The Teachings Of The Buddha Essay

1157 Words Apr 21st, 2016 5 Pages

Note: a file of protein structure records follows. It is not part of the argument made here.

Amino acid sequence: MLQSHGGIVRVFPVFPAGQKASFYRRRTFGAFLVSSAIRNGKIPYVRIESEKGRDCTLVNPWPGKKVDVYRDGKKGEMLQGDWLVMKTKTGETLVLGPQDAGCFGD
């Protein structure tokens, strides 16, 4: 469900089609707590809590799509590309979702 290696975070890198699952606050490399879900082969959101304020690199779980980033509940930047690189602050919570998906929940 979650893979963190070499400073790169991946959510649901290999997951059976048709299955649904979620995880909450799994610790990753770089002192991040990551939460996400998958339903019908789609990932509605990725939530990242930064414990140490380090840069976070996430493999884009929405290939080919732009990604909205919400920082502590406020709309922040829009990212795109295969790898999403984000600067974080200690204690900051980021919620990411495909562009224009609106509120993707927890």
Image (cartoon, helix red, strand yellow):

One of the main teachings of the Buddha himself is a fair and kind treatment of all beings on earth. Many Buddhists become vegetarians or vegans to honor the wisdoms of Siddhartha, not wanting to harm any animal for the benefit of food for themselves. Even though this effort is such a commonly addressed trend, is it less regularly discussed how Buddhists interact with other humans, especially in times conflict. There have been several cases in history that violence has been the only answer – or at least it seems to be that way. Many wars and conflicts have come about in the past in close ties to religion. Judaism serves as a strong example in the origins of World War II, as does Islam in the War of Terror in the early 21st century. Countries such as Vietnam, Burma and Thailand, which have a majority of Buddhist citizens, have also been regions of great conflict in the past. Curiosity sparks a wonder how Buddhist community members responded to the violence in the countries at the time. A search for answers through various scholarly works began as several interesting arguments came about. Fielding states as he was studying in Burma, “my object is not to explain what the Buddha taught, but what the Burmese believe; and this is not quite the same thing…” He follows this quote in commenting on the fact that nearly everything he witnessed seemed to be strongly influenced by Buddhist philosophy. Streckfuss also adds “One gets the impression the traditional Thai Theravada Buddhist…

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